Howards End (Everyman's Library Classics, #25)
(Book Jacket Status: Not Jacketed)Introduction by Alfred KazanFirst published in 1910, Howards End is the novel that earned E. M. Forster recognition as a major writer. At its heart lie two families—the wealthy and business-minded Wilcoxes and the cultured and idealistic Schlegels. When the... show more
(Book Jacket Status: Not Jacketed)Introduction by Alfred KazanFirst published in 1910, Howards End is the novel that earned E. M. Forster recognition as a major writer. At its heart lie two families—the wealthy and business-minded Wilcoxes and the cultured and idealistic Schlegels. When the beautiful and independent Helen Schlegel begins an impetuous affair with the ardent Paul Wilcox, a series of events is sparked—some very funny, some very tragic—that results in a dispute over who will inherit Howards End, the Wilcoxes' charming country home. As much about the clash between individual wills as the clash between the sexes and the classes, Howards End is a novel whose central tenet, "Only connect," remains a powerful prescription for modern life.From the Trade Paperback edition.
Publish date: November 26th 1991
Publisher: Everyman's Library
Pages no: 359
Edition language: English
, European Literature
, British Literature
, Book Club
, Historical Fiction
, Classic Literature
, Literary Fiction
, 20th Century
These days I often find myself appreciating classics more than contemporary fiction – but not all classics; there are still books whose quality doesn’t quite live up to their reputation. This is one of those.Set in early 20th century England, this book follows the adventures of Margaret and her youn...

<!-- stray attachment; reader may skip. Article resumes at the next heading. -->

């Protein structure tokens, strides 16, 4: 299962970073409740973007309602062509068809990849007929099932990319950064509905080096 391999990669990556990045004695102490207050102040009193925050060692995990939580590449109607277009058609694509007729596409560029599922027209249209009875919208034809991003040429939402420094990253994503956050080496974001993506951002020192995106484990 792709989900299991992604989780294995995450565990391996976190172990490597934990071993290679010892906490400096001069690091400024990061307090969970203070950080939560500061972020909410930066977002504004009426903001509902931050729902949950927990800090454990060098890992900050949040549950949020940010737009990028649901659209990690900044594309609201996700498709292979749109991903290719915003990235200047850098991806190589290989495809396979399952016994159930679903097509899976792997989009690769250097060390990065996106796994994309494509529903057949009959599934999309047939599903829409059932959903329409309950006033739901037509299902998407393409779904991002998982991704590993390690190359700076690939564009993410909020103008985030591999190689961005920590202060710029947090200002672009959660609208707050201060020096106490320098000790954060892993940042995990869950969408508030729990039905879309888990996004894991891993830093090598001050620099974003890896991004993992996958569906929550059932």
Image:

At the center of this novel is the contrast between two upper-class English families in the early 20th century, the cultured, idealistic Schlegels and the capitalist, materialistic Wilcoxes. I was expecting drama mixed with romance and maybe a bit of comedy along the lines of A Room with a View, but...
What is it about 'Howard's End'? This small house, a farm imperfectly gentrified, sits at the center of this Edwardian novel. The artistic and spirited Schlegels, the staid Wilcoxes and in their own sad way, the miserable Basts, come together to make up an unusual story that dissects the social stru...
I vaguely remember seeing the film adaptation of Howards (no apostrophe-s!) End decades ago. I don’t remember much about the plot, I just vaguely (mis)remembered it as a story of some mad old biddy giving a house to Emma Thompson. I suppose if you must give away a house to someone Emma Thompson is n...
IntroductionSuggestions for Further ReadingA Note on the Text--Howards EndExplanatory Notes